The station’s contribution in the musical field is significant as well. It became the first radio station in Atlanta since the 1950s to feature blues, bluegrass, and jazz; musical forms native to the region.

WRFG has a smorgasbord of music, something for everyone, and many programs are geared toward Atlanta’s ever growing Latin, Asian, Caribbean, and African communities. “We play the leading role in providing opportunities for hip-hop,” Gray said.

In 1995, WRFG reached its goal of operating at 100,000 watts. The next year, the station took its show on the road, going to Dublin to broadcast the St. Patrick’s Day Parade and Jamaica, where the first World Party Tour occurred.

Today, WRFG continues to give a voice to people who traditionally are denied access to broadcast media. “We have to [continue] to make sure we have access to progressive opportunities,” Gray said.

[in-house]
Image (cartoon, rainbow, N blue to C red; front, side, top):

Atlanta Progressive News Staff Writers have been on WRFG’s progressive news hour each week for the last couple months. News Editor Matthew Cardinale, and Staff Writers Jonathan Springston, Betty Clermont, and Kristina Cates have each discussed their latest news items recently on Adam Shapiro’s “Current Events” program, Thursdays at noon.

Everyone can help WRFG continue their progressive legacy by visiting WRFG.org, donating money, and learning more about the Tower of Power Campaign.

About the author:

Jonathan Springston is a Staff Writer for Atlanta Progressive News. He may be reached at jonathan@atlantaprogressivenews.com.

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This article may be reprinted in full at no cost where Atlanta Progressive News is credited.